- 56. Elliott AM, Luo N, Tembo G, Halwiindi B, Steenbergen G, et al. (1990) Impact of HIV on tuberculosis in Zambia: a cross sectional study. BMJ 301: 412–415.
- 57. Oni T, Gideon HP, Bangani N, Tsekela R, Seldon R, et al. (2012) Smoking, BCG and employment and the risk of tuberculosis infection in HIV-infected persons in South Africa. PLoS One 7: e47072.
- 58. Eisenhut M, Paranjothy S, Abubakar I, Bracebridge S, Lilley M, et al. (2009) BCG vaccination reduces risk of infection with Mycobacterium tuberculosis as detected by gamma interferon release assay. Vaccine 27: 6116–6120.
- 59. Basu Roy R, Sotgiu G, Altet-Gomez N, Tsolia M, Ruga E, et al. (2012) Identifying predictors of interferon-gamma release assay results in pediatric latent tuberculosis: a protective role of bacillus Calmette-Guerin?: a pTB-NET collaborative study. Am J Respir Crit Care Med 186: 378–384.
- 60. Soysal A, Millington KA, Bakir M, Dosanjh D, Aslan Y, et al. (2005) Effect of BCG vaccination on risk of Mycobacterium tuberculosis infection in children with household tuberculosis contact: a prospective community-based study. Lancet 366: 1443–1451.
- 61. Eriksen J, Chow JY, Mellis V, Whipp B, Walters S, et al. (2010) Protective effect of BCG vaccination in a nursery outbreak in 2009: time to reconsider the vaccination threshold? Thorax 65: 1067–1071.
- 62. Colditz GA, Brewer TF, Berkey CS, Wilson ME, Burdick E, et al. (1994) Efficacy of BCG vaccine in the prevention of tuberculosis. Meta-analysis of the published literature. JAMA 271: 698–702.
- 63. Lalvani A, Sridhar S (2010) BCG vaccination: 90 years on and still so much to learn. Thorax 65: 1036–1038.
- 64. Whalen CC, Chiunda A, Zalwango S, Nshuti L, Jones-Lopez E, et al. (2006) Immune correlates of acute Mycobacterium tuberculosis infection in household contacts in Kampala, Uganda. Am J Trop Med Hyg 75: 55–61.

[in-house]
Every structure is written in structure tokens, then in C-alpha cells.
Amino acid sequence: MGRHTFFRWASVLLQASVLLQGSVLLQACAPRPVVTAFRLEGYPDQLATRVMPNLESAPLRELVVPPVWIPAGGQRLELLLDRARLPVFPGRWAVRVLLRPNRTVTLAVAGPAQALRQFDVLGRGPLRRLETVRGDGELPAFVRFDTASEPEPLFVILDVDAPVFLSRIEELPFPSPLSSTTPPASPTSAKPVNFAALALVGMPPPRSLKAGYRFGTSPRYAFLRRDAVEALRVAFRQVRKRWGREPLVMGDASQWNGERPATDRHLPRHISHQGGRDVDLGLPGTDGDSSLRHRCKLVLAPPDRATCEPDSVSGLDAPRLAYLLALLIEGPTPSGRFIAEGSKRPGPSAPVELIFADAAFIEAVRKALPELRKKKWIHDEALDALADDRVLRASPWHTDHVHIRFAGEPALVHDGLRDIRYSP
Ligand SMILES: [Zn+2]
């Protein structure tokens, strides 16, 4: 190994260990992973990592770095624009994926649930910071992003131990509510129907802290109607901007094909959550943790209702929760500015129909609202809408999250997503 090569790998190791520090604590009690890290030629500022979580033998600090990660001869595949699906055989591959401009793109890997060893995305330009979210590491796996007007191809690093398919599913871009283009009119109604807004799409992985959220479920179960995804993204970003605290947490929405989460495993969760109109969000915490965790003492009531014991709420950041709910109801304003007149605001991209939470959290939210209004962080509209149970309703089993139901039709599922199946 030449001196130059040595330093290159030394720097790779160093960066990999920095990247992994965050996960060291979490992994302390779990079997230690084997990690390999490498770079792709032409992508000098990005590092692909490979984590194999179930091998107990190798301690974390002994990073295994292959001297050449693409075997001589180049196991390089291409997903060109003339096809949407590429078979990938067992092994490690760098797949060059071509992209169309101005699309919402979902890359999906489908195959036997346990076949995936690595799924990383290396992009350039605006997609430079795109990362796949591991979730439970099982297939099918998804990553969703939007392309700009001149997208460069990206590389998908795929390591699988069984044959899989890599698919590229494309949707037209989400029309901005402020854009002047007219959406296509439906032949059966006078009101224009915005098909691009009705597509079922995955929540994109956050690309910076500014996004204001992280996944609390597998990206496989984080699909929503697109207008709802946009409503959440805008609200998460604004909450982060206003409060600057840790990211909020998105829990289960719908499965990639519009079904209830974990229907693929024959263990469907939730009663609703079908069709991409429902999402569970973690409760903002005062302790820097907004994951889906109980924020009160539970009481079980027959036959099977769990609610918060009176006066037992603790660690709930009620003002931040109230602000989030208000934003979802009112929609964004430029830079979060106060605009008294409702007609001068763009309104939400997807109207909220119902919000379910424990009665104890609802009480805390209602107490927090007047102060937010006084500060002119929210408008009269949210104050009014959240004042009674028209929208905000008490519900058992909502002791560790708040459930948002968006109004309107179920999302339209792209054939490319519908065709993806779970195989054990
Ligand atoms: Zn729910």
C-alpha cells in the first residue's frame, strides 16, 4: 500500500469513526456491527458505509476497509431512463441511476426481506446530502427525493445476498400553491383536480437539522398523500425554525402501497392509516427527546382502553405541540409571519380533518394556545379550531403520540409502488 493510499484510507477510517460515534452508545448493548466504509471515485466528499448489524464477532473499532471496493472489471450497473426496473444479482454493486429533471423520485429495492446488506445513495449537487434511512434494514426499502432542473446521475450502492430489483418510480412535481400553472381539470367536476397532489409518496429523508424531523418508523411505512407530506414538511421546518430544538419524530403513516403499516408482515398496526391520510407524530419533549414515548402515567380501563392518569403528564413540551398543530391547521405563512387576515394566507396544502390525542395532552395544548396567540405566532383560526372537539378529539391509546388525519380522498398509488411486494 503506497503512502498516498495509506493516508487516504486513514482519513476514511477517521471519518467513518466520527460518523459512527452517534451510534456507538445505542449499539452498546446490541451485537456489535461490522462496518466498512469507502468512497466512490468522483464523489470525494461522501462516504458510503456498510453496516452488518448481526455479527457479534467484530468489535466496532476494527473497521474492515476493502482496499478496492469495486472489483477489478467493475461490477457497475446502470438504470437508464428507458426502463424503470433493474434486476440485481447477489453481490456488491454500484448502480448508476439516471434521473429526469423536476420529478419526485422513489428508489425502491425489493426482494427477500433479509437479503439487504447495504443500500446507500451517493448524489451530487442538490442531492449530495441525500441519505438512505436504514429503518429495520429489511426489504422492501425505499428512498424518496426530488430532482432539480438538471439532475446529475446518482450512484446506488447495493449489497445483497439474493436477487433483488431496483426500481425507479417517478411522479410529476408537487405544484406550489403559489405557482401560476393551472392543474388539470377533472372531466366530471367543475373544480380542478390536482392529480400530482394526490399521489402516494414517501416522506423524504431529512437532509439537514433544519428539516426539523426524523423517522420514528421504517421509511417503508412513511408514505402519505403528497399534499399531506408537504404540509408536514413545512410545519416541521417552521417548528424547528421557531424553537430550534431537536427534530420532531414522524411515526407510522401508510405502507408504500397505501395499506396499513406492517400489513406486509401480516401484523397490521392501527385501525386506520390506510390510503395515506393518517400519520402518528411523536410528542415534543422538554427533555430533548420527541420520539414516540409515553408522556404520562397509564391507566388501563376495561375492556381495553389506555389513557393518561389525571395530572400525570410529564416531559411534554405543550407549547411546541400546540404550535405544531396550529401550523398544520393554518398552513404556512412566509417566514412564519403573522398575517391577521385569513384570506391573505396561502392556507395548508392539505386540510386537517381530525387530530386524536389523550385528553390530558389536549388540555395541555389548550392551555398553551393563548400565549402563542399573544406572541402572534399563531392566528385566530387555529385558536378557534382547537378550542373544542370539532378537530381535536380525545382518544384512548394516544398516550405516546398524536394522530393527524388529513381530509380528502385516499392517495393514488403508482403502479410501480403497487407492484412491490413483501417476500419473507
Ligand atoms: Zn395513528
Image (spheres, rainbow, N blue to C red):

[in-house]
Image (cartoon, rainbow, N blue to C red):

- 65. Madura Larsen J, Benn CS, Fillie Y, van der Kleij D, Aaby P, et al. (2007) BCG stimulated dendritic cells induce an interleukin-10 producing T-cell population with no T helper 1 or T helper 2 bias in vitro. Immunology 121: 276–282.
- 66. Glinz D, Silue KD, Knopp S, Lohourignon LK, Yao KP, et al. (2010) Comparing diagnostic accuracy of Kato-Katz, Koga agar plate, ether-concentration, and FLOTAC for Schistosoma mansoni and soil-transmitted helminths. PLoS Negl Trop Dis 4: e754.
- 67. WHO (2002) Prevention and Control of Schistosomiasis and Soil-Transmitted Helminthiasis: Report of a WHO Expert Committee.
- 68. WHO (1994, 5-7 December) Report of the WHO informal consultation on hookworm infection and anaemia in girls and women. WHO/CTD/SIP/96.1.
- 69. Woodburn PW, Muhangi L, Hillier S, Ndibazza J, Namujju PB, et al. (2009) Risk factors for helminth, malaria, and HIV infection in pregnancy in Entebbe, Uganda. PLoS Negl Trop Dis 3: e473.
- 70. Markowitz N, Hansen NI, Wilcosky TC, Hopewell PC, Glassroth J, et al. (1993) Tuberculin and anergy testing in HIV-seropositive and HIV-seronegative persons. Pulmonary Complications of HIV Infection Study Group. Ann Intern Med 119: 185–193.
- 71. Cobelens FG, Egwaga SM, van Ginkel T, Muwinge H, Matee MI, et al. (2006) Tuberculin skin testing in patients with HIV infection: limited benefit of reduced cutoff values. Clin Infect Dis 43: 634–639.
- 72. Oni T, Gideon HP, Bangani N, Tsekela R, Seldon R, et al. (2012) Risk factors associated with indeterminate gamma interferon responses in the assessment of latent tuberculosis infection in a high-incidence environment. Clin Vaccine Immunol 19: 1243–1247.
- 73. Seshadri C, Uiso LO, Ostermann J, Diefenthal H, Shao HJ, et al. (2008) Low sensitivity of T-cell based detection of tuberculosis among HIV co-infected Tanzanian in-patients. East Afr Med J 85: 442–449.
- 74. Cattamanchi A, Smith R, Steingart KR, Metcalfe JZ, Date A, et al. (2011) Interferon-gamma release assays for the diagnosis of latent tuberculosis infection in HIV-infected individuals: a systematic review and meta-analysis. J Acquir Immune Defic Syndr 56: 230–238.
- 75. Rangaka MX, Wilkinson KA, Seldon R, Van Cutsem G, Meintjes GA, et al. (2007) Effect of HIV-1 infection on T-Cell-based and skin test detection of tuberculosis infection. Am J Respir Crit Care Med 175: 514–520.
- 76. Ramos JM, Robledano C, Masia M, Belda S, Padilla S, et al. (2012) Contribution of interferon gamma release assays testing to the diagnosis of latent tuberculosis infection in HIV-infected patients: a comparison of QuantiFERON-TB Gold In Tube, T-SPOT.TB and tuberculin skin test. BMC Infect Dis 12: 169.